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Alternative Market Briefing

Other Voices: A new approach for measuring crowded trades in financial markets

Monday, February 01, 2010

This article was written by Dr. Momtchil Pojarliev, new senior portfolio manager at U.S.-based asset manager Hathersage, and by Richard M. Levich, professor of finance at New York’s Stern School of business – it was also published on Voyeu.org.

Regulators understand the potential threat of crowded trades, but they also recognise the difficulty of tracking them. This column suggests a new approach for regulators to monitor crowdedness of selected trades. Fund managers and financial regulators could use data on crowdedness to assess the risk that a financial market may enter an asset bubble.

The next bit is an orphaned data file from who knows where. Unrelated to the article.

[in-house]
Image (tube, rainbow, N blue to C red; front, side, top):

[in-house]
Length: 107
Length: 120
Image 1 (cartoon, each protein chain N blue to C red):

Whether crowded trades pose a threat to financial institutions has been on regulators’ minds for several years. In 2004, Timothy Geithner, then President of the Federal Reserve Bank of New York, put it this way: “While there may well be more diversity in the types of strategies hedge funds follow, there is also considerable clustering, which raises the prospect of larger moves in some markets if conditions lead to a general withdrawal from these ‘crowded’ trades.” The underlying logic of Geithner’s remarks is simple enough. Market participants may face additional risks if many players want to exit similar positions at the same time. Lasse Heje Pederson (2009) has modelled this behaviour in financial markets. When shouts of “fire” are heard in a crowded theatre, patrons face ......................

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